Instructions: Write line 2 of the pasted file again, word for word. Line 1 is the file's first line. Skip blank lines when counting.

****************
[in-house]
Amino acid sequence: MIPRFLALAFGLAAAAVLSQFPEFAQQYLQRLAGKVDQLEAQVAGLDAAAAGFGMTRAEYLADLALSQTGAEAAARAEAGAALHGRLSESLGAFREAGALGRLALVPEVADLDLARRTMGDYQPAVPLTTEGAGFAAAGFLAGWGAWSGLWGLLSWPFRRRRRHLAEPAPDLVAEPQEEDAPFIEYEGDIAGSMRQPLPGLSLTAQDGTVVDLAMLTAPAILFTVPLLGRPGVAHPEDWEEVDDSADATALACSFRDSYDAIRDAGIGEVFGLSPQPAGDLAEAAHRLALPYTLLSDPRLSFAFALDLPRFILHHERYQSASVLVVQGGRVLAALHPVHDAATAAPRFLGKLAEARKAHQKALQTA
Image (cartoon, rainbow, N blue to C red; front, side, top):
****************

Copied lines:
Amino acid sequence: MIPRFLALAFGLAAAAVLSQFPEFAQQYLQRLAGKVDQLEAQVAGLDAAAAGFGMTRAEYLADLALSQTGAEAAARAEAGAALHGRLSESLGAFREAGALGRLALVPEVADLDLARRTMGDYQPAVPLTTEGAGFAAAGFLAGWGAWSGLWGLLSWPFRRRRRHLAEPAPDLVAEPQEEDAPFIEYEGDIAGSMRQPLPGLSLTAQDGTVVDLAMLTAPAILFTVPLLGRPGVAHPEDWEEVDDSADATALACSFRDSYDAIRDAGIGEVFGLSPQPAGDLAEAAHRLALPYTLLSDPRLSFAFALDLPRFILHHERYQSASVLVVQGGRVLAALHPVHDAATAAPRFLGKLAEARKAHQKALQTA